RBS expects to pay fine to settle libor probe
Royal Bank of Scotland Group Plc, Britain’s biggest taxpayer-owned lender, said it expects to pay a fine in the coming months to settle regulators’ probes into allegations the lender tried to manipulate Libor. Whether the penalty exceeds the record 290 million pounds ($467 million) Barclays Plc paid in June or not “it will still be a miserable day in RBS’s history,” Chief Executive Officer Stephen Hester told reporters on a call today as the bank posted third-quarter operating profit that beat analyst estimates. “I’d be disappointed if we were talking to you at our fullyear results in February without having had more news.”
RBS is one of more than a dozen banks worldwide facing regulatory probes into allegations that they manipulated the London interbank offered rate, the benchmark for more than $300 trillion of securities. The Edinburgh-based lender has fired at least four traders following an internal probe, and last month suspended its head of rates trading for Europe and the AsiaPacific region, the first senior manager to be put on leave.
Libor is the biggest regulatory obstacle to overshadow Hester’s attempts to overhaul the company after it received the biggest banking bailout in history in 2008. RBS said today it would set aside a further 400 million pounds to compensate clients wrongly sold loan insurance and derivatives, bringing the total the bank has earmarked to 1.7 billion pounds.
The shares fell 1.8 percent to 282 pence as of 8:52 a.m. in London, little more than half the price the government paid when it provided RBS with a 45.5 billionpound rescue during the financial crisis. The stock has rebounded 43 percent this year. The net loss for the quarter was 1.38 billion pounds compared with a 1.23 billion-pound profit in the year-earlier period. Analysts had predicted a loss of 276 million pounds, according to the median estimate of survey.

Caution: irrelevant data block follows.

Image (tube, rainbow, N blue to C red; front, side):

That loss includes a 1.46 billion-pound accounting charge on the fair value of RBS’s debt. Socalled credit valuation adjustments require banks to book losses when the value of their debt rises, and gains when it declines, on the theory that a loss, or profit, would be realized were the bank to repurchase that debt.
“Economic pressures are restraining customer activity levels and as a result banks are run- ning hard to stand still in this environment,” Hester said today.
RBS has led a two-year investigation into its role in the Libor- rigging scandal. RBS traders and their managers regularly sought to influence the firm’s Libor submissions between 2007 and 2010 to profit from derivatives bets, according to employees, regulators and lawyers interviewed by Bloomberg. Staff also communicated with counterparts at other firms to discuss where rates should be set. “There is a spectrum” of how advanced talks are with different regulators, Hester said today. “We have, in the end, to dance to the tune of the regulators.”
RBS followed Lloyds Banking Group Plc is setting aside more money for paymentprotection insurance claims after regulators ordered banks to compensate clients who were forced to buy, or didn’t know they had bought insurance to cover their repayments on mortgages, credit cards and other loans. Lloyds, Britain’s biggest mortgage lender, set aside 1 billion pounds more yesterday, which together with RBS’s provision brings the industry total to almost 11 billion pounds.